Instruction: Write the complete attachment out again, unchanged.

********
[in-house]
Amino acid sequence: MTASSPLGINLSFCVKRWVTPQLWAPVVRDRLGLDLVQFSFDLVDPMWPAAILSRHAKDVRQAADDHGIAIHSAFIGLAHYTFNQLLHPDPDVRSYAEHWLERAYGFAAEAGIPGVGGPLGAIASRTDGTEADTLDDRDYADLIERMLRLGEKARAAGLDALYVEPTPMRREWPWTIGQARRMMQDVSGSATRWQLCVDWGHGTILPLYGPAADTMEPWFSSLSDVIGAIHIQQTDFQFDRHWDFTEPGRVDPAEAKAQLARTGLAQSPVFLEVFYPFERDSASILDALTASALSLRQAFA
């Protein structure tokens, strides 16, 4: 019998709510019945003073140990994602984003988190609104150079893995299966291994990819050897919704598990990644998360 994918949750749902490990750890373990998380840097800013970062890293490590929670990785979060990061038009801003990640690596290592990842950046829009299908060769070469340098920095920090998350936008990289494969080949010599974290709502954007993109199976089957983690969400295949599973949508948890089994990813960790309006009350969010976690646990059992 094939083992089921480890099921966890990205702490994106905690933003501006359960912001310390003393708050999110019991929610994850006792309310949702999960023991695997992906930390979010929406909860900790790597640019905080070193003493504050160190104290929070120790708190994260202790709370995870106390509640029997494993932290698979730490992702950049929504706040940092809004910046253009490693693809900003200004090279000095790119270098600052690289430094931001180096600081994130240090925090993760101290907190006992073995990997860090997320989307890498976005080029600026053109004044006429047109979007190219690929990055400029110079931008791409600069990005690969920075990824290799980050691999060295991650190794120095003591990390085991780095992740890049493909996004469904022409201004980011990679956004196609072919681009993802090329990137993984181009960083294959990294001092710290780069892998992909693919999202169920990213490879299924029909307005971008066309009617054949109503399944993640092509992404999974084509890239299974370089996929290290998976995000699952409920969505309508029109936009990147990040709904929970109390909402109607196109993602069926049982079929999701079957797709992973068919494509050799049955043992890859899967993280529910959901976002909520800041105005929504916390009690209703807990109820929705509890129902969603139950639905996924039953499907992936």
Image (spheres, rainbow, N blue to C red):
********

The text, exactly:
[in-house]
Amino acid sequence: MTASSPLGINLSFCVKRWVTPQLWAPVVRDRLGLDLVQFSFDLVDPMWPAAILSRHAKDVRQAADDHGIAIHSAFIGLAHYTFNQLLHPDPDVRSYAEHWLERAYGFAAEAGIPGVGGPLGAIASRTDGTEADTLDDRDYADLIERMLRLGEKARAAGLDALYVEPTPMRREWPWTIGQARRMMQDVSGSATRWQLCVDWGHGTILPLYGPAADTMEPWFSSLSDVIGAIHIQQTDFQFDRHWDFTEPGRVDPAEAKAQLARTGLAQSPVFLEVFYPFERDSASILDALTASALSLRQAFA
């Protein structure tokens, strides 16, 4: 019998709510019945003073140990994602984003988190609104150079893995299966291994990819050897919704598990990644998360 994918949750749902490990750890373990998380840097800013970062890293490590929670990785979060990061038009801003990640690596290592990842950046829009299908060769070469340098920095920090998350936008990289494969080949010599974290709502954007993109199976089957983690969400295949599973949508948890089994990813960790309006009350969010976690646990059992 094939083992089921480890099921966890990205702490994106905690933003501006359960912001310390003393708050999110019991929610994850006792309310949702999960023991695997992906930390979010929406909860900790790597640019905080070193003493504050160190104290929070120790708190994260202790709370995870106390509640029997494993932290698979730490992702950049929504706040940092809004910046253009490693693809900003200004090279000095790119270098600052690289430094931001180096600081994130240090925090993760101290907190006992073995990997860090997320989307890498976005080029600026053109004044006429047109979007190219690929990055400029110079931008791409600069990005690969920075990824290799980050691999060295991650190794120095003591990390085991780095992740890049493909996004469904022409201004980011990679956004196609072919681009993802090329990137993984181009960083294959990294001092710290780069892998992909693919999202169920990213490879299924029909307005971008066309009617054949109503399944993640092509992404999974084509890239299974370089996929290290998976995000699952409920969505309508029109936009990147990040709904929970109390909402109607196109993602069926049982079929999701079957797709992973068919494509050799049955043992890859899967993280529910959901976002909520800041105005929504916390009690209703807990109820929705509890129902969603139950639905996924039953499907992936």
Image (spheres, rainbow, N blue to C red):